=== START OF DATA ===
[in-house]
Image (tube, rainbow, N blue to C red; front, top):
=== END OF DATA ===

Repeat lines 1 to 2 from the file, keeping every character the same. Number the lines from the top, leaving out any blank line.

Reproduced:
[in-house]
Image (tube, rainbow, N blue to C red; front, top):